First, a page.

Friday, January 29, 2010


Operation PayPal

Dear supporters:

We are engaging in a program to persuade PayPal (AGAIN) to enforce their Acceptable Use Policy and remove the Leonard Peltier Defense Offense Committee (LPDOC) from their system.

1) Please email and write PayPal, and Scott Thompson, PayPal President at:

Mr. Scott Thompson, President, PayPal
2211 N. First Street, San Jose, CA 95131

2) Please see the letter below to Mr. Thompson.

3) Please don’t cut and paste like Peltier supporters do; summarize your concerns and provide them with factual information and a request for PayPal to enforce their own Acceptable Use Policy (see the AUP on; search for acceptable use policy).

4) If you know or discover other avenues to contact PayPal with our concern, please do so.

5) Please spread-the-word and share this request with others and any relevant organizations for assistance.

6) Additional background information concerning Peltier’s finances and questionable fundraising activities, conviction(s) and guilt, can be found at:

7) Please bcc me with any correspondence.

As always, thank you for your continued support honoring the memory and sacrifice of Agents Jack Coler and Ron Williams and to prevent Leonard Peltier from continuing to capitalize on their brutal murders.

“In the Spirit of Coler and Williams”

Mr. Scott Thompson
President, PayPal
2211 N. First Street
San Jose, CA 95131

Re: Compliance Violation
Leonard Peltier Defense
Offense Committee (LPDOC)

Dear Mr. Thompson:

I have attempted on numerous occasions to bring a serious violation of PayPal’s Acceptable Use Policy to the attention of PayPal’s compliance department concerning “the financial exploitation of a crime” and illegally “collecting donations as a charity or non-profit organization.”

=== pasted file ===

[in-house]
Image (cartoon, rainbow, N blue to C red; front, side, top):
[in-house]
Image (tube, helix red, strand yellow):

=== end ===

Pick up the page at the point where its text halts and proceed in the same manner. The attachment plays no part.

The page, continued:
Leonard Peltier is serving consecutive life sentences for the 1975 murders of two FBI agents. He also received an additional seven-year consecutive sentence for an armed escape from Lompoc penitentiary in 1979. Peltier’s case has received more appeals and legal reviews than perhaps most inmates, twice reaching the U.S. Supreme Court and each time his conviction has been upheld. The legal history of his case can be seen here:
In June, 2004 PayPal recognized Peltier’s violation of the Acceptable Use Policy and removed the Leonard Peltier Defense Committee (LPDC) from the PayPal system because Peltier was “notorious for committing murderous acts.” As a result, Peltier called upon his supporters to boycott PayPal, Amazon and eBay.

The LPDC has since reorganized as the Leonard Peltier Defense Offense Committee (LPDOC) and is a PayPal subscriber, and although their name and location have changed, their purpose has not.